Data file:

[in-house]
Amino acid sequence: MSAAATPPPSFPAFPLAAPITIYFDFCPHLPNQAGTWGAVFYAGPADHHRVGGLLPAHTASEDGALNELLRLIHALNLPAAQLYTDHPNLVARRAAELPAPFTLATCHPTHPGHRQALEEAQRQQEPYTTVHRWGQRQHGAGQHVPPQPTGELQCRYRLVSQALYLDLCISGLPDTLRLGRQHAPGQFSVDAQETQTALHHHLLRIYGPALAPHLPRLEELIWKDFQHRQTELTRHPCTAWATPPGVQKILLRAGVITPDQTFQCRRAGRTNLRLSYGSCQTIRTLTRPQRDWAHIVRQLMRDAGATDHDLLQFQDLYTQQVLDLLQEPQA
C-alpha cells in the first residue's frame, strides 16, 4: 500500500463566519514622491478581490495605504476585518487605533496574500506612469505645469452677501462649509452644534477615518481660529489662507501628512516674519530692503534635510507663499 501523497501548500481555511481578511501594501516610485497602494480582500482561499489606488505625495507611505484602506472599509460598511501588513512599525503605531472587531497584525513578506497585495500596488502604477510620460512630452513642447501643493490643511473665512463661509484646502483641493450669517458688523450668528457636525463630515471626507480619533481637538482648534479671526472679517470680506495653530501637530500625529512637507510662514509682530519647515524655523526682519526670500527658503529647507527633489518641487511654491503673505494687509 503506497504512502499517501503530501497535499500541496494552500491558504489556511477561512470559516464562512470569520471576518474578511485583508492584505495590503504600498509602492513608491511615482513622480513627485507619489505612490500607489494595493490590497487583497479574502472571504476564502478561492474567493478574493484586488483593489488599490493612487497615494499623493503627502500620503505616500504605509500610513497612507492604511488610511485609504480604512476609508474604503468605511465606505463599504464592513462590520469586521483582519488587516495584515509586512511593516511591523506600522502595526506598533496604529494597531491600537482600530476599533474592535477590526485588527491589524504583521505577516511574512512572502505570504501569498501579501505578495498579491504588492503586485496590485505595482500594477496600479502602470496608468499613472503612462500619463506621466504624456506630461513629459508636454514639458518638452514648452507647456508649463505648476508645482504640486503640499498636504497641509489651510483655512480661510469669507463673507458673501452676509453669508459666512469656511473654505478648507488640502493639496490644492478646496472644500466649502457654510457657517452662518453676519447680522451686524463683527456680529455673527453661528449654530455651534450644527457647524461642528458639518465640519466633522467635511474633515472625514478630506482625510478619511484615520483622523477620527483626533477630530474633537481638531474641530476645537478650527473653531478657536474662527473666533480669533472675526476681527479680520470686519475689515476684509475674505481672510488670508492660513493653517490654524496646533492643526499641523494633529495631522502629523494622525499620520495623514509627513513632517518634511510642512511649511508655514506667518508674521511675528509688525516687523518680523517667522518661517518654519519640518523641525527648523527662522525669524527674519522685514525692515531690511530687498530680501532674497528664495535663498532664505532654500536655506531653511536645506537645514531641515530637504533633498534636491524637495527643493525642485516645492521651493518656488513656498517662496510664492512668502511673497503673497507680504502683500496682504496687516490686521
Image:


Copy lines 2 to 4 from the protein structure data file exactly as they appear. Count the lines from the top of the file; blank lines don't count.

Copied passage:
Amino acid sequence: MSAAATPPPSFPAFPLAAPITIYFDFCPHLPNQAGTWGAVFYAGPADHHRVGGLLPAHTASEDGALNELLRLIHALNLPAAQLYTDHPNLVARRAAELPAPFTLATCHPTHPGHRQALEEAQRQQEPYTTVHRWGQRQHGAGQHVPPQPTGELQCRYRLVSQALYLDLCISGLPDTLRLGRQHAPGQFSVDAQETQTALHHHLLRIYGPALAPHLPRLEELIWKDFQHRQTELTRHPCTAWATPPGVQKILLRAGVITPDQTFQCRRAGRTNLRLSYGSCQTIRTLTRPQRDWAHIVRQLMRDAGATDHDLLQFQDLYTQQVLDLLQEPQA
C-alpha cells in the first residue's frame, strides 16, 4: 500500500463566519514622491478581490495605504476585518487605533496574500506612469505645469452677501462649509452644534477615518481660529489662507501628512516674519530692503534635510507663499 501523497501548500481555511481578511501594501516610485497602494480582500482561499489606488505625495507611505484602506472599509460598511501588513512599525503605531472587531497584525513578506497585495500596488502604477510620460512630452513642447501643493490643511473665512463661509484646502483641493450669517458688523450668528457636525463630515471626507480619533481637538482648534479671526472679517470680506495653530501637530500625529512637507510662514509682530519647515524655523526682519526670500527658503529647507527633489518641487511654491503673505494687509 503506497504512502499517501503530501497535499500541496494552500491558504489556511477561512470559516464562512470569520471576518474578511485583508492584505495590503504600498509602492513608491511615482513622480513627485507619489505612490500607489494595493490590497487583497479574502472571504476564502478561492474567493478574493484586488483593489488599490493612487497615494499623493503627502500620503505616500504605509500610513497612507492604511488610511485609504480604512476609508474604503468605511465606505463599504464592513462590520469586521483582519488587516495584515509586512511593516511591523506600522502595526506598533496604529494597531491600537482600530476599533474592535477590526485588527491589524504583521505577516511574512512572502505570504501569498501579501505578495498579491504588492503586485496590485505595482500594477496600479502602470496608468499613472503612462500619463506621466504624456506630461513629459508636454514639458518638452514648452507647456508649463505648476508645482504640486503640499498636504497641509489651510483655512480661510469669507463673507458673501452676509453669508459666512469656511473654505478648507488640502493639496490644492478646496472644500466649502457654510457657517452662518453676519447680522451686524463683527456680529455673527453661528449654530455651534450644527457647524461642528458639518465640519466633522467635511474633515472625514478630506482625510478619511484615520483622523477620527483626533477630530474633537481638531474641530476645537478650527473653531478657536474662527473666533480669533472675526476681527479680520470686519475689515476684509475674505481672510488670508492660513493653517490654524496646533492643526499641523494633529495631522502629523494622525499620520495623514509627513513632517518634511510642512511649511508655514506667518508674521511675528509688525516687523518680523517667522518661517518654519519640518523641525527648523527662522525669524527674519522685514525692515531690511530687498530680501532674497528664495535663498532664505532654500536655506531653511536645506537645514531641515530637504533633498534636491524637495527643493525642485516645492521651493518656488513656498517662496510664492512668502511673497503673497507680504502683500496682504496687516490686521
Image: